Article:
India tour, South Africa Test highlight women's FTP

The women's Ashes will break away from the men's series while there will also be firsts against Bangladesh and Ireland as women's Future Tours Program fleshed out

An historic first Test match against South Africa and the first away Test against India in 39 years are highlights of the women’s Future Tours Program (FTP) cycle, while the women’s Ashes are set break from the same rotation as the men to stand alone.

Women's cricket operates on a different international cycle to the men's game and is already in the midst of the 2022-25 Women’s Championship, with the new document setting out international obligations until mid-2026.

Announced today by the ICC, January and early February have been designated as the marquee battleground for Australia's women to host international series, starting with Pakistan this summer, with multi-format series against South Africa, England and India to follow in subsequent years. 

Australia have 11 bilateral contests over the next three years in the FTP, in addition to three ICC tournaments. 

The home-and-away matchups for the current Women’s Championship were previously announced back in May with the FTP fleshing out the details of when these tours will take place, as well as defining windows for the now-annual ICC tournaments.

The women's FTP now also has clear windows for domestic T20 tournaments baked in – with the Weber WBBL maintaining its spot in October-November. There are now windows in the international caldendar for the Hundred in England in August, and a window has been created in February-March in anticipation of the launch of a women's IPL.

After their thrilling battles in the Commonwealth Games gold medal match this month and the T20 World Cup final in 2020, Australia is set to see plenty more of India over the coming years with multi-format series at home and abroad.

The Women's Championship sees the top 10 women’s teams involved in a round-robin ODI competition, each playing four home and four away series, across a three-year period in pursuit of automatic qualification for the 2025 World Cup.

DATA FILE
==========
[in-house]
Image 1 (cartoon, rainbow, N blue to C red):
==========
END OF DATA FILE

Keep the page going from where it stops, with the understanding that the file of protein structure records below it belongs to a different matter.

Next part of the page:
This is the first time it will feature 10 teams, after Ireland and Bangladesh – who Australia will both meet away – were added to the mix.

For Australia, it begins in January when they host Pakistan in three one-dayers and three T20Is, ahead of the 2023 T20 World Cup in South Africa.

Next June and July Australia’s women will travel to the United Kingdom alongside the men for the multi-format Ashes.

That Ashes series will run in conjunction with the men's tour of the UK, but when England’s women next travel to Australia for the Ashes it will be in the summer of 2024-25, a summer ahead of the next visit by England's men's Test team.

Peter Roach, Cricket Australia’s Head of Cricket Operations and Scheduling, said a standalone women’s Ashes in 2025 was a terrific outcome was a terrific outcome for Australian cricket.

“We recognise our responsibilities to the game globally and the positive impact we can have on emerging markets and feel this schedule also supports those goals," he said.

“Importantly, most of our home content will remain in our preferred window of January and February and ensures a clear window for Australian cricketers to participate in the WBBL.